And if you don’t believe me, look yourself in the eyes and tell yourself about the time you forgot to Like something on Facebook, and spent three hours trawling back through your newsfeed just so you could go back and do it.
So how does this all interlink?
Think about the concept of screening – basically, developing an increasingly sophisticated ability to ignore things you’re not interested in. This is one of the reasons behind the need for marketing to be disruptive in the first place. Screening is essentially a form of mental homeostasis. With each disruptive experience, we go through the process of being interested, excited, engaged…and then we move on. As we move on, our brains adapt to each of these experiences, expanding our mental library of experiences and recalibrating “normal” as it applies to us.
Here’s the rub. Screening has been around for as long as we have been able to consciously believe or disbelieve information we receive second-hand. Even older than that is our ability to chase positive stimuli, and avoid negative stimuli. Such as fire, pain, or paying taxes to Prince John.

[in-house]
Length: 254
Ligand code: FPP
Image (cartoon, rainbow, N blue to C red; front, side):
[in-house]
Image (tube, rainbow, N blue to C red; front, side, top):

The upshot of this is really simple. In order for disruptive marketing to continue to work, the disruption must be increasingly powerful in order to break through the now-increased tolerance of any given individual. It must also be increasingly pleasurable in order to qualify as a positive reward. Think how long video games now play for – the intensity of play escalates the longer you play, and the barrier to entry is barely low enough so as not to dissuade you from continuing after your first try or two. This is why the marketing industry now focuses on the internet – its newness means it’s easier to surprise and delight someone online than it is with a TVC.
Further to this, the volume shift of marketing activity online means that as an industry we’re power-loading the internet with ever-increasing content volumes. We’re actually making a rod for our own backs in doing so, because from a physiological perspective all we’re really doing is training people to ignore ever-more-clever marketing techniques. While content always was, still is, and always will be more important than the channel, we’re making it harder to develop “good content”, on the basis that every time someone neutralises themselves against a given campaign (note this is not necessarily a conscious thing, but a physiological response to increasing exposure to campaigning), then it makes coming up with the next cool thing even more challenging.